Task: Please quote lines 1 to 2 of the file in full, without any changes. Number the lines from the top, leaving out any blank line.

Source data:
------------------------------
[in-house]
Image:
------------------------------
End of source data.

[in-house]
Image: